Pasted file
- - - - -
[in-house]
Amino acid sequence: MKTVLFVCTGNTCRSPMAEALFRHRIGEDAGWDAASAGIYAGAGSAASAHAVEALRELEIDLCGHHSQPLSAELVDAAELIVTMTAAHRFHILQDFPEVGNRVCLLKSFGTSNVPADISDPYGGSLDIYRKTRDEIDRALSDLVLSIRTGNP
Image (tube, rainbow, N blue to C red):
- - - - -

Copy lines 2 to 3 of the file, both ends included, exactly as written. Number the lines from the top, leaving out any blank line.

Amino acid sequence: MKTVLFVCTGNTCRSPMAEALFRHRIGEDAGWDAASAGIYAGAGSAASAHAVEALRELEIDLCGHHSQPLSAELVDAAELIVTMTAAHRFHILQDFPEVGNRVCLLKSFGTSNVPADISDPYGGSLDIYRKTRDEIDRALSDLVLSIRTGNP
Image (tube, rainbow, N blue to C red):